That about covers everything to do with April, doesn’t it? Of course, I can’t forget Geoffrey Chaucer (1340(?)–1400) and his "Prologue to the Canterbury Tales," which begins like this:

WHAN that Aprille with his shoures soote
The droghte of Marche hath perced to the roote,
And bathed every veyne in swich licour,
Of which vertu engendred is the flour;
Whan Zephirus eek with his swete breeth

Inspired hath in every holt and heeth
The tendre croppes, and the yonge sonne
Hath in the Ram his halfe cours y-ronne,
And smale fowles maken melodye,
That slepen al the night with open ye,

(So priketh hem nature in hir corages:
Than longen folk to goon on pilgrimages,
And palmers for to seken straunge strondes,
To ferne halwes, couthe in sondry londes;
And specially, from every shires ende

Of Engelond, to Caunterbury they wende,
The holy blisful martir for to seke,
That hem hath holpen, whan that they were seke.

Thanks to a great Chaucer course I had in grad school, I can make better sense of Chaucer than I can of Eliot. But just in case you need to look up a few words, here’s what those strange terms mean:

  • soote— its sweet showers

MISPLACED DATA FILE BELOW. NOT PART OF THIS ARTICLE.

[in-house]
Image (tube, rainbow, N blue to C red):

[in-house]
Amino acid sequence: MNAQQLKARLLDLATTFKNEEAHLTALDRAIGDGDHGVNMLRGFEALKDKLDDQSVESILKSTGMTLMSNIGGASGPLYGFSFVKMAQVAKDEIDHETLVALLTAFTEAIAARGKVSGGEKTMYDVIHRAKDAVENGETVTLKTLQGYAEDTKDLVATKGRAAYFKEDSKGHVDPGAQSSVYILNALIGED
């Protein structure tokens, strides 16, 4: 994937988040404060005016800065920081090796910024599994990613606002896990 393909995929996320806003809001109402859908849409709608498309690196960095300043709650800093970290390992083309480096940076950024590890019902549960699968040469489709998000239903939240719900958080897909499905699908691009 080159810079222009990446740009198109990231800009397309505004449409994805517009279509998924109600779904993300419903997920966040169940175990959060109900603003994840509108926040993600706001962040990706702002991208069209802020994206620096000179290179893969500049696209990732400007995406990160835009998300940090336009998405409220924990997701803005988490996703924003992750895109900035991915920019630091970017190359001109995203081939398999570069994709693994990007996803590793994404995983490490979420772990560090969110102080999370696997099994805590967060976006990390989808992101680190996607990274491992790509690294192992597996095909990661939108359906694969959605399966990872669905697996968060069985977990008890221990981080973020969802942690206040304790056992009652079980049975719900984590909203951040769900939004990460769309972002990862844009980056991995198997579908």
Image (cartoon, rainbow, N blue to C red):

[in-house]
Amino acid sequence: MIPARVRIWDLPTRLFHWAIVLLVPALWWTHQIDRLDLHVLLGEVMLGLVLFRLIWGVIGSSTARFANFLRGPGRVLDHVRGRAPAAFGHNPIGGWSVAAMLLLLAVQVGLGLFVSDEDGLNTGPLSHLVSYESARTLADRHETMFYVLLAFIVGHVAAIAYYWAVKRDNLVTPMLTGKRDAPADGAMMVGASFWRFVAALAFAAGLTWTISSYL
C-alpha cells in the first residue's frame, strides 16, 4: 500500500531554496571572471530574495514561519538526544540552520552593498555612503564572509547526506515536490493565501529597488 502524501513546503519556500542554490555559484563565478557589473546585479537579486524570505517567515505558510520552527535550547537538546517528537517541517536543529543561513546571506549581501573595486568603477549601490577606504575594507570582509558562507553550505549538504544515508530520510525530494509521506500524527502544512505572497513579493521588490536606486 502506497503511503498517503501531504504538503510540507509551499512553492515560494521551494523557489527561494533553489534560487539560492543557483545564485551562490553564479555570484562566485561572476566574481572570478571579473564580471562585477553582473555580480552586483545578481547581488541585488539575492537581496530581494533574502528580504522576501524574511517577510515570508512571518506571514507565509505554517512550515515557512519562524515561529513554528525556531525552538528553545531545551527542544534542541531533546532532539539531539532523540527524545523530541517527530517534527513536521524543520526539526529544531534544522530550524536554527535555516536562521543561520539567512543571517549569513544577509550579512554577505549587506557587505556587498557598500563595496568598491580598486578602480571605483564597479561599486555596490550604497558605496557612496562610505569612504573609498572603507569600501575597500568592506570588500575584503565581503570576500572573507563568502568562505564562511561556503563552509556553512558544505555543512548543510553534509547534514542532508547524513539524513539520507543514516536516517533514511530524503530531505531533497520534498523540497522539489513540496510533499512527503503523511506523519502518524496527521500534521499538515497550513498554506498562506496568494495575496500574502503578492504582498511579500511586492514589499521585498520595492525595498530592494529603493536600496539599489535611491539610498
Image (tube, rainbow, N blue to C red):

• droghte—drought
  • swich—such
  • holt—wood
  • croppes—young shoots
  • halfe cours y-ronne—The sun left the sign of the Ram about the middle of April.
  • corages—hearts
  • straunge strondes—foreign strands
  • ferne halwes—distant saints.
  • couthe—known.
  • seke—sick
If the word list didn’t help, here’s what the poem’s about: April’s showers take care of March’s drought and flowers bloom and a bunch of folks decide to take off on a pilgrimage to some strange country where they might find some relics of a saint and get cured of what ails them.

While this doesn’t sound like a heckuva lot of fun nowadays, keep in mind this poem was written almost six hundred years ago when recreational travel opportunities were limited. Now they’d go to Disney World or something. If they were younger, they might take off to the beach during Spring Break and end up on a Girls Gone Wild video or something.

Now, if Geoff C. were around today, he most likely wouldn’t mess with a long poem. He’d blog about it. In fact, he does. Well, sort of: Geoffrey Chaucer Hath a Blog


To celebrate National Poetry Month (and National Library Week), the Valley Writers Chapter of the Virginia Writers Club will present “Poetry of the Blue Ridge” on Thursday, April 17, at 6:30 p.m. at the Edible Vibe in exciting downtown Rocky Mount. (Whoooeee! Using that string of prepositions tired me out!) The Franklin County Library is sponsoring this presentation.

Y’all come on down, have a cup of coffee, and listen to some poetry.

The performance is free, but y’all have to pay for the coffee and food.
~

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2 Comments:

Blogger CountryDew said...

April is one of my favorite months - not too cold, not too hot. Time to get in the garden and there's daylight after dinner again. Not to mention all the lovely blooms (achoo). Nice post.

9:59 AM  
Blogger Debi Kelly Van Cleave said...

He put in that extra l to be fancy.

8:39 PM